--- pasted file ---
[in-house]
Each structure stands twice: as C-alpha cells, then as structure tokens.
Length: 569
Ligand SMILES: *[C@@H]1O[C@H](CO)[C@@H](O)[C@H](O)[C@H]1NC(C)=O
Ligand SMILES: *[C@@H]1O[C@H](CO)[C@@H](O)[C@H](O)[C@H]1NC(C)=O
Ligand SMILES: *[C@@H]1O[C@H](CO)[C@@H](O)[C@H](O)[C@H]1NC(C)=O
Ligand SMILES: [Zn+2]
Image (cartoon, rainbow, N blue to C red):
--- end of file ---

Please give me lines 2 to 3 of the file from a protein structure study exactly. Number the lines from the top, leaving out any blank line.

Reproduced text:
Each structure stands twice: as C-alpha cells, then as structure tokens.
Length: 569